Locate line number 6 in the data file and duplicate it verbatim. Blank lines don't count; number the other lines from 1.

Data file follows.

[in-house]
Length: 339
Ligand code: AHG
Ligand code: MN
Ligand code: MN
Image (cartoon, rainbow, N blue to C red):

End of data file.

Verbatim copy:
Image (cartoon, rainbow, N blue to C red):